G athering at the Sands Expo & Convention Centre on a typical Singapore summer afternoon braving heat and drizzles of rain, collectors and new audiences filled the sale room with palpable energy for the return of Modern & Contemporary Art, held as part of the ongoing celebrations of Sotheby's 50th anniversary in Asia.
The sale realised SG$15.1 million (US$11.1 million) and a sell-through rate of 93% by lot achieving the second highest total for any sale held by Sotheby’s in Singapore. Of the 56 lots that went under the hammer, more than half sold above high estimates.
The top-selling lot of the sale was Georgette Chen’s resplendent still life, Lychees and Peaches painted in the 1940s and appearing at auction for the first time. Created while the artist was under house arrest with her first husband in Shanghai in the 1940s, Lychees and Peaches weaves an allegorical tale of this significant time in her life. The artist’s still lifes are among the most coveted of her works, with only seven works from the same period known to have come to auction. This rarity was once again proven when Lychees and Peaches surpassed pre-sale expectations to sell to an in-room bidder for SG$2 million (US$1.5 million).
Noticeably among the lots that gathered immense interest and fierce bidding, the demand for works by women artists continue to remain strong, reflecting the global trend highlighted by Sotheby’s Insight Report that saw sales of art by women artists more than double between 2018 and 2022, growing from US$221.7 million to US$461.9 million.
Kei Imazu, who has gained international acclaim for her signature blend of structured strata, bright beauty and rewarding complexity, proved to be a contemporary star to watch. Painted in 2017, WOOO saw a spur of bids quickly soaring past its SG$95,000 high estimate. After fierce bidding, the painting sold for SG$342,900 (US$253,578), setting an exceptional new record for the artist at auction.
Jane Lee’s visually arresting painting Melt VII drew immense interest across the sale room, fetching SG$190,500 (US$140,877), more than twice its low estimate. Lee has become renowned for her dashing, luscious, almost gastronomic handling of her medium. In the words of artist Guo-Liang Tan: “Lee works with a consistency of paint that is thick and viscous but still appears malleable and soft, not unlike cream or whipped butter.”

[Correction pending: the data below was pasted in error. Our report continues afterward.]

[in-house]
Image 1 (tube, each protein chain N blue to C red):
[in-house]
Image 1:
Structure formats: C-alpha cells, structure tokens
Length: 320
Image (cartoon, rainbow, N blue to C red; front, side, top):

Southeast Asian art proved to be going strong. Rodel Tapaya’s Multi-petalled Beauty sold for more than twice its high estimate at SG$215,900 (US$159,660), achieving a new artist record. Two paintings by renowned Filipino painter Fernando Cueto Amorsolo, Fruit seller and Woman by the Water exceeded estimates to reach SG$304,800 (US$225,403) and SG$406,400 (US$300,537), respectively. Among Vietnamese modern art, all five works by Le Pho found buyers, while Mai Trung Thu’s Mona Lisa topped its high estimate selling to an online bidder for SG$304,800 (US$225,403).
Appearing at auction for the first time, trailblazer of the Singaporean Nanyang school Cheong Soo Pieng’s Seated Balinese Lady nearly tripled its low estimate, achieving SG$203,200 (US$150,268), while Return from market realised SG$292,100 (US$216,011). Meanwhile a new artist record was set for Liu Kang, a peer to Cheong and also a pioneering figure of the Nanyang style, with Pounding Rice which sold in excess of its high estimate for SG$698,500 (US$516,548).
Other noteworthy results include Jean-Michel Basquiat's Flexible, which sold for more than three times its high estimate at SG$381,000 (US$281,753), Liu Ye's Composition with Moonlight and The Team of Red by Christine Ay Tjoe which fetched SG$1.65 million (US$1.22 million) and SG$990,600 (US$732,559), becoming the second and third top-selling lots of the auction, respectively.
Presented in partnership with Marina Bay Sands, an icon of Singapore’s glittering skyline and an unparalleled destination for art and cultural experiences in the Lion City, Modern & Contemporary Art reaffirms Sotheby’s commitment to expanding its presence across the APAC region, and to Southeast Asia with Singapore at the core. With in-room international participation from 20 countries and more than half hailing from Southeast Asia, Singapore’s market for art is unquestionably going from strength to strength.